When TV caught a key moment in time

WHILE carnival time 2008 this weekend will be a happy time for many townspeople, it was a different story for workers at Smith's weaving factory at Frostholme Mill, Cornholme, 40 years ago.

Then the mill closed, seeing 200 people lose their livelihoods and the BBC made a half hour television programme about the closure.

It is the latest release in a series of local television programmes licensed by Todmorden Tourist Information Centre for issue on DVD with the assistance of Todmorden Rotary Club, and four decades later it makes very interesting if not always easy viewing - as it springs from bad news involving the closure of a major employer in the village and indeed the town.

It captures a moment in time, when one of the major cotton mills in Todmorden was forced to close due to economic pressures, signalling the slow decline of Todmorden as a purely industrial, cotton town.

This had a very human cost as the programme, Redundant At Carnival Time, made in 1968 as part of a series, shows but there was also a resilience of spirit too.

Three of the workers are interviewed in detail at the factory or out and about in the town, in Cornholme village itself, along the Rochdale Canal at Shade and Walsden and at that year's Todmorden Carnival.

They were probably selected as they represented different age groups among the mill workers as well as all performing different tasks at Frostholme.

Senior foreman Jacob Fielden was a man in his middle 50s when the mill closed and when the news broke saw no hope of similar employment being obtainable in the weaving trade and limited prospects as to retraining. However later in the film Jacob is seen talking to a friend and colleague of similar age. Both were planning to move away from the town to find new and different types of work.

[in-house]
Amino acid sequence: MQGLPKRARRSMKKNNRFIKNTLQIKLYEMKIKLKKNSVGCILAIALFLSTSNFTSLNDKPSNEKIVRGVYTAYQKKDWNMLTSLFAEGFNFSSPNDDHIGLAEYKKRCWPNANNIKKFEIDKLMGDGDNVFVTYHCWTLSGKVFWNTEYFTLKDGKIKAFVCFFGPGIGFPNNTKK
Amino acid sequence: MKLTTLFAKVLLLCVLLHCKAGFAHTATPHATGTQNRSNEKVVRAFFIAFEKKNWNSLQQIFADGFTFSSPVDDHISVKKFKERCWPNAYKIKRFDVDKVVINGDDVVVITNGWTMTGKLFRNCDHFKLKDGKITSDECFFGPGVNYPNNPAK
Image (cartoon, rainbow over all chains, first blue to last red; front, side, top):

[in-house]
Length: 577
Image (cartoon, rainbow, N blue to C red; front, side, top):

Neither saw much future for Todmorden as a commuter town and wondered what its future would be. The prospect of moving away and uprooting at their age could not have been easy but Jacob said finding work was a must, not just economically but because he was not ready to retire and wanted to work.

Moving away from Cornholme was a wrench for overlooker Michael Redmond, married with a young family, but he too had made the decision that although looking to keep his trade, he needed to practice it in a different place.

The youngest employee featured, weaver Sandra Walker, whose mother and father were also made redundant by the mill's closure, was at the start of her working life. Sandra did not want to leave the town and felt that for her at least, with the adaptability of youth, work would be there if she looked for it.

Sandra was right, and by the programme's end, having followed the event over some weeks, she was training as a nurse at the Stansfield View Hospital above the town.

The views of all three interviewees are informative and well thought out, although with different conclusions and endings in each case. These are good, thoughtful people, and anyone watching will surely hope that life turned out well for them and their families.

It did for Frostholme, as first Alan Cooper's and now J. H. Sutcliffe's manufacture furniture on the former weaving premises.

As a piece of Todmorden's history it is invaluable, and although the half hour programme carries a time-code (it is taken from the remaining master) it is compelling stuff if at times very saddening, particularly when Jacob, looking out onto a deserted looking Burnley Road from the mill window, recalls the road being packed with mill workers from Frostholme and Bobbin Mill, clogs echoing down it.

The DVD is now available from Todmorden Tourist Information Centre, Burnley Road, priced at 11.99.